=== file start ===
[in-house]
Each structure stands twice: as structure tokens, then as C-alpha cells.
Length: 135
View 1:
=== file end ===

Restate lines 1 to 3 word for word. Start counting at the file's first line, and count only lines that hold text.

[in-house]
Each structure stands twice: as structure tokens, then as C-alpha cells.
Length: 135